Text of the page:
The great sitar maestro, Ravi Shankar, died in San Diego yesterday aged 92, having failed to recover from heart-valve replacement surgery.
Touring America and Europe from 1956, Shankar, more than anyone, was responsible for popularising Indian music in the west, and he has been acclaimed as the ‘Godfather Of World Music’. He came to wider attention via his association with violinist Yehudi Menuhin, who he met in India during the early ’50s, and most notably, Beatle George Harrison, who was introduced to his recordings by David Crosby of The Byrds in 1965. Indian music would add to the spectrum of eclectic influences The Beatles added to their mid-’60s output, with Harrison playing sitar on ‘Norwegian Wood (This Bird Has Flown)’ (from ‘Rubber Soul’ 1965), and, following personal tutoring from Shankar, who would become a lifelong friend, ‘Love You To’ (from ‘Revolver’ 1966) and ‘Within You Without You’ (from ‘Sgt. Pepper’s Lonely Hearts Club Band’ 1967). Harrison would call Shankar the greatest musician on the planet that he was aware of, and many other Pop musicians would feature sitar in their own recordings as a consequence. Shankar’s spiritual influence (music and spirituality going hand in hand for him) would inspire all 4 Beatles, who would subsequently seek instruction from the founder of the Transcendental Meditation technique, Maharishi Mahesh Yogi, initially in Bangor, Wales (1967), before famously travelling to Rishikesh, India to study with him in 1968. This would have a huge effect on how eastern spirituality was viewed in the west. Here’s a great YouTube clip showing Shankar giving Harrison a sitar lesson:
His triumphant appearance at the Monterey Pop Festival in California, at the height of 1967’s fabled ‘Summer Of Love’, made him a hero of the hippie movement, and he’d also perform 2 years later at the era defining Woodstock Festival in Sullivan County, New York. I wrote about Shankar at Monterey Pop for the first in my Video Blog series, stating that ‘this, above anything else I’ve ever seen, illustrates the power of music to energize’. You can read the piece here, plus view his breathtaking performance of ‘Dhun (Dadra And Fast Teental)’, accompanied by the legendary tabla player, Alla Rakha:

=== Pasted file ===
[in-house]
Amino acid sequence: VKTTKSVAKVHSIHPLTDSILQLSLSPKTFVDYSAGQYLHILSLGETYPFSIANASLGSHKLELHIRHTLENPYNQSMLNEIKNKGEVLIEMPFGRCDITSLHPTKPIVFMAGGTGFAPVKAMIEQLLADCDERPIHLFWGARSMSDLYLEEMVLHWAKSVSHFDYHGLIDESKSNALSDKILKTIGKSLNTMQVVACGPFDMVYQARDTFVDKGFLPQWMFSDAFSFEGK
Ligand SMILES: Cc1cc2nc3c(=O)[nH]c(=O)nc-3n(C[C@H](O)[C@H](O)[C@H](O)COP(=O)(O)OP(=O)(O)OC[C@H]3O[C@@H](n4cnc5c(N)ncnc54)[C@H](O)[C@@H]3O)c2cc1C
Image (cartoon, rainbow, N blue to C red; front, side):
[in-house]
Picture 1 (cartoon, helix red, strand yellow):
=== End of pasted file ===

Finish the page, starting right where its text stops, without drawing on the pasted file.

His son, Shubhendra ‘Shubho’ Shankar often accompanied his father on tours – he could play the sitar and surbahar, but elected not to pursue a solo career and died in 1992. His daughter, Anoushka Shankar, also took up the sitar, and would often perform with her father during his latter years, whilst her half-sister, Nora Jones, is a Grammy award winning singer-songwriter.
His soundtrack for Jonathan Miller’s surreally dark and brooding film adaptation of ‘Alice In Wonderland’ (1966), stands, alongside the Monterey performance, as my personal favourite portrayal of his music.
Ravi Shankar Wikipedia: